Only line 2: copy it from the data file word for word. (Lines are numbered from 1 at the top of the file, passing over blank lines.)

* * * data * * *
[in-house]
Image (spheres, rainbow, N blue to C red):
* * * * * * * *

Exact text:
Image (spheres, rainbow, N blue to C red):